Tuesday, May 6, 2008

Python's subprocess doesn't like SmartFTP

Well, that was a frustrating afternoon. I was trying to automate the update process described in my previous post - an executable that uses SmartFTP's COM library to connect to an FTP server and download new files - by calling it from a Python script that would check the output and re-run the updater as necessary. I wanted to use the subprocess module, as I was advised by the Python docs that this was the New Cool Thing, and I wanted to use the environment variable functionality that it provided.

However, I consistently received the following error:

[20080506 19:05:00] SmartFTP FTP Library v1.5.8.21
[20080506 19:05:00] Resolving host name "ftp.******.com"
[20080506 19:05:00] Unable to resolve host name.
[20080506 19:05:00] 1

So I replaced the hostname with the IP address and got this error instead:

The requested service provider could not be loaded or initialized.

I found this phrase in the Microsoft Winsock documentation, at which point I had a mild aneurysm and went to work on something else for a while. I came back a little later to read that documentation, but it was unhelpful.

Finally I switched over to declaring the environment variables and calling the executable in a batch file and called that using os.system instead of subprocess... and it worked fine. So it appears that there's some incompatibility between this vendor app and/or SmartFTP's FTP library and Python's subprocess module. Guess I'll be using the tried and true os.system for now, because it's definitely not worth any more debugging time.

Friday, May 2, 2008

How to break your FTP client

Haven't posted in a while because I was in Russia for a few weeks checking out the smog, vodka, and beautiful women. Now I'm back, and I have a quick non-database item to relate.

Today I was working on scheduling the execution of some updater software from a small data vendor of ours. As it turns out, they have no spec or unified framework for their error handling and messages, so I had to work out what sort of errors could happen on my own. One thing the updater does is log on to the vendor's server via FTP and download new files. So naturally I wanted to prevent this to see what would happen.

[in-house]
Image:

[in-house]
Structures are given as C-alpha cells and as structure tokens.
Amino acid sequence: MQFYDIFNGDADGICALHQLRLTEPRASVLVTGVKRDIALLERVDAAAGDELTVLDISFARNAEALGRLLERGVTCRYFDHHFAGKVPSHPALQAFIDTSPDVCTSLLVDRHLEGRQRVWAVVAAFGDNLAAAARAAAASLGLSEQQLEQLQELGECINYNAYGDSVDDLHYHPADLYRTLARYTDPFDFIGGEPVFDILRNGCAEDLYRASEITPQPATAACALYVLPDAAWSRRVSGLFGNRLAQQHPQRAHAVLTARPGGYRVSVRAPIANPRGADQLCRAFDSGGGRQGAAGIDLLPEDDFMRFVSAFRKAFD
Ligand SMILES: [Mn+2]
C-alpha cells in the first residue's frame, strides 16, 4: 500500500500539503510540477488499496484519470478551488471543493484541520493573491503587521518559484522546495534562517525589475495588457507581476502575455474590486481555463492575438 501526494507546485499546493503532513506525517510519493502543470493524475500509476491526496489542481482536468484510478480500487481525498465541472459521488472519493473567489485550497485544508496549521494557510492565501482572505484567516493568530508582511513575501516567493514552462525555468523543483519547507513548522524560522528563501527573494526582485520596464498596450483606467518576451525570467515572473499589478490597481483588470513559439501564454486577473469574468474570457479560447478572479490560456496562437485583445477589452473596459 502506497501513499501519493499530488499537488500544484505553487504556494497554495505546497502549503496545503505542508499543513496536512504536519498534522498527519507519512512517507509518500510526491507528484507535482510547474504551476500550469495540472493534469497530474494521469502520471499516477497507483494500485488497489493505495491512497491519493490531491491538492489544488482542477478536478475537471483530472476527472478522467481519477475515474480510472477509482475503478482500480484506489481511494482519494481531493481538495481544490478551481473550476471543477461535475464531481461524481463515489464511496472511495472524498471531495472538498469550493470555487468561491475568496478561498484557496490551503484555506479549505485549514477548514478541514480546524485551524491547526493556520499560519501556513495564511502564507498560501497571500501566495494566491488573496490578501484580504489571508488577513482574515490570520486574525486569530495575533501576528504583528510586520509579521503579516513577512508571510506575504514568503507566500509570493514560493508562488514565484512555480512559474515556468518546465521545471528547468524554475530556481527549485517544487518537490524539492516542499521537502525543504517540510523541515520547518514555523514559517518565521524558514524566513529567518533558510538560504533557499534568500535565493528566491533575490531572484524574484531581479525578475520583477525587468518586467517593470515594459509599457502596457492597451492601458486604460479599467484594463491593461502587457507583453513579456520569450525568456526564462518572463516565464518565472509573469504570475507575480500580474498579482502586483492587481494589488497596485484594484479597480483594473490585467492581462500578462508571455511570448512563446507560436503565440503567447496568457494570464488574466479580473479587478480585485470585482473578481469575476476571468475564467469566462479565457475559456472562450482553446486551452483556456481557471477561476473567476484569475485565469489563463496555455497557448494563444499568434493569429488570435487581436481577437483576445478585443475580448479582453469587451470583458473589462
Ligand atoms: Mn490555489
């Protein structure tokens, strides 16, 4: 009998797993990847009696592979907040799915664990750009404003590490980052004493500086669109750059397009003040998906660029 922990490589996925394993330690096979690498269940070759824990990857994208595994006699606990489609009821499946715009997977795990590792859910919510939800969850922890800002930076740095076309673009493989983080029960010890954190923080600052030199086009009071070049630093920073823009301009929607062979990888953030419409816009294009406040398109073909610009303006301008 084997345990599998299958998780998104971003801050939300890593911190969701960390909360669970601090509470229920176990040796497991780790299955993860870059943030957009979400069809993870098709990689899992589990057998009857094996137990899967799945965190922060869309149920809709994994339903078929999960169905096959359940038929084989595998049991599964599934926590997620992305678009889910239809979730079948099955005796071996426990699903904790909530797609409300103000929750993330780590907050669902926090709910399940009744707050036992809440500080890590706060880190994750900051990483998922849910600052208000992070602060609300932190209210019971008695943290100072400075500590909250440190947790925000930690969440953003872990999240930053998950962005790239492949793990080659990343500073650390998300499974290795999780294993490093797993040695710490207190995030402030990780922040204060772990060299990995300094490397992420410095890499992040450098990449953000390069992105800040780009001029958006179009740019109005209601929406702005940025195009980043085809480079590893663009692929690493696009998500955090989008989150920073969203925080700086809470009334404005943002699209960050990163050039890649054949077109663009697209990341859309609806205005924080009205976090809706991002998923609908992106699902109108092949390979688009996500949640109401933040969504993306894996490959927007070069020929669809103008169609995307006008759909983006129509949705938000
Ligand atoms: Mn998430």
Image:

The easiest way would have been to just unplug my network connection, but the app needs some files that live on the network, so that was out.

I tried to block the program with Windows Firewall, but we've got a bunch of Group Policy stuff applied there, which complicated things. Even when I unchecked my local firewall exception for the app, and then also the exception for FTP, the application connected to the vendor's FTP server without any trouble.

Next I went out and found a 3rd party app that could block ports. The one I settled on after a quick browse of some security sites was Ghost Personal Firewall. Simple, straightforward, free, quick installation - suited my needs perfectly. And it worked great. It took 2 minutes to download, install (no reboot needed), and configure a rule to block all traffic on port 21. This had the desired effect of breaking the app and producing an error log.

So consider this an unsolicited endorsement of Ghost's firewall. Served my purpose just fine, and it's going into my security toolkit for future app testing.